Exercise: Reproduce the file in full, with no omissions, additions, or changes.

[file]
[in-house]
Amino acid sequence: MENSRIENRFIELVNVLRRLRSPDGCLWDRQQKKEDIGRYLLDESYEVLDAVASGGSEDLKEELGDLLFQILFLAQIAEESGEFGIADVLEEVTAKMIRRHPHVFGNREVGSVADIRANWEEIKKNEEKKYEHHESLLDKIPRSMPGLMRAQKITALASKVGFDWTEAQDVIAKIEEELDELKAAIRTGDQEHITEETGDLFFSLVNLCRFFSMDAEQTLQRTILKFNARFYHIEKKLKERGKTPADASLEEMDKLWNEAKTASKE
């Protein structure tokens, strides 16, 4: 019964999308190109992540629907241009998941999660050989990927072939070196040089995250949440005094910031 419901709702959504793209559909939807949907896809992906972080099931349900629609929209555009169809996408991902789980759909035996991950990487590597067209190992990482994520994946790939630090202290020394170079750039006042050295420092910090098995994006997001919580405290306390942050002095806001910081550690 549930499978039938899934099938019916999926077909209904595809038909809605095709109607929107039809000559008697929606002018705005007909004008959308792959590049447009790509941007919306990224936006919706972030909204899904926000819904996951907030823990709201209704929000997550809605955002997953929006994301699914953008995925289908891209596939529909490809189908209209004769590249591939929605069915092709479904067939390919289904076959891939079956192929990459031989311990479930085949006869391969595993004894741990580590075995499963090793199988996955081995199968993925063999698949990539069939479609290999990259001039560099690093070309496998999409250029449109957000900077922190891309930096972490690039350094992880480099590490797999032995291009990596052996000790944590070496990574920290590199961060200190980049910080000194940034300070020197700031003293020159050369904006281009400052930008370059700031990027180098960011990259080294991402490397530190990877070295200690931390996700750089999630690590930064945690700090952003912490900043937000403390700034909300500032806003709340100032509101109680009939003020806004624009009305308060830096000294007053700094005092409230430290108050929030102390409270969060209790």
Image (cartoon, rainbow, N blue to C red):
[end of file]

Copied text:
[in-house]
Amino acid sequence: MENSRIENRFIELVNVLRRLRSPDGCLWDRQQKKEDIGRYLLDESYEVLDAVASGGSEDLKEELGDLLFQILFLAQIAEESGEFGIADVLEEVTAKMIRRHPHVFGNREVGSVADIRANWEEIKKNEEKKYEHHESLLDKIPRSMPGLMRAQKITALASKVGFDWTEAQDVIAKIEEELDELKAAIRTGDQEHITEETGDLFFSLVNLCRFFSMDAEQTLQRTILKFNARFYHIEKKLKERGKTPADASLEEMDKLWNEAKTASKE
């Protein structure tokens, strides 16, 4: 019964999308190109992540629907241009998941999660050989990927072939070196040089995250949440005094910031 419901709702959504793209559909939807949907896809992906972080099931349900629609929209555009169809996408991902789980759909035996991950990487590597067209190992990482994520994946790939630090202290020394170079750039006042050295420092910090098995994006997001919580405290306390942050002095806001910081550690 549930499978039938899934099938019916999926077909209904595809038909809605095709109607929107039809000559008697929606002018705005007909004008959308792959590049447009790509941007919306990224936006919706972030909204899904926000819904996951907030823990709201209704929000997550809605955002997953929006994301699914953008995925289908891209596939529909490809189908209209004769590249591939929605069915092709479904067939390919289904076959891939079956192929990459031989311990479930085949006869391969595993004894741990580590075995499963090793199988996955081995199968993925063999698949990539069939479609290999990259001039560099690093070309496998999409250029449109957000900077922190891309930096972490690039350094992880480099590490797999032995291009990596052996000790944590070496990574920290590199961060200190980049910080000194940034300070020197700031003293020159050369904006281009400052930008370059700031990027180098960011990259080294991402490397530190990877070295200690931390996700750089999630690590930064945690700090952003912490900043937000403390700034909300500032806003709340100032509101109680009939003020806004624009009305308060830096000294007053700094005092409230430290108050929030102390409270969060209790």
Image (cartoon, rainbow, N blue to C red):